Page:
Blender has effective view frustrum culling to cull faces out of view, but even objects/faces that are occluded behind other geometry in the view are handled by the rasterizer. ie. They are behind other objects but are still rendered, then rendered over by foreground objects. Occlusion culling using invisible simple occlusion meshes hidden inside other meshes will tell the rasterizer not to render any object that is behind them.

Possibly not rasterizer related, but the flag that you have could be affecting performance if it’s a soft body. If it’s not going to be affected by dynamic objects brushing past it then you can simulate movement by using shape keys.

As far as I can understand it, “Generate display lists” is used to speed up rendering of many instances of the same object. If most of the objects in your scene are unique then this will probably have little effect.

This is a far from exhaustive list of optimizations, but might shed a little light on the possibilities available to you.

Good luck. :slight_smile:


I might be wrong about this, but from my tests, I believe it to be at least partially true.

To clarify about the high object count… this used to be a real problem in BGE, but is much reduced by recent optimizations of the scene graph. Many objects will slow down your game/walkthrough, but if you have large high-poly objects that are rarely in complete view then you should experience an increase in frame rate by breaking them up. This enables the view frustrum culling to cull the sections of the large object that are outside the view. If the large object is completely in view then face culling will avoid rendering of the faces that are out of view, but view frustrum culling works better on whole objects. If the large object is broken up then view frustrum culling should be more efficient.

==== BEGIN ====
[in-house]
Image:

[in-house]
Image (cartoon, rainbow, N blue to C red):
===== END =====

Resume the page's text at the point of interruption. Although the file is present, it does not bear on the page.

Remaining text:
Edit 2:

Thinking a little more, I’d say that 55% rasterizer usage was pretty low for a game with hardly any logic/physics. What is your physics/logic usage? You should certainly turn off collision for everything that the player won’t come into contact with. eg. Those posts, tables, chairs and the cactus outside should have collision boxes so the complex meshes aren’t being used. The sign, tops of arches, upper floor of the building, wall ornaments, behind the bar, etc. will never be hit.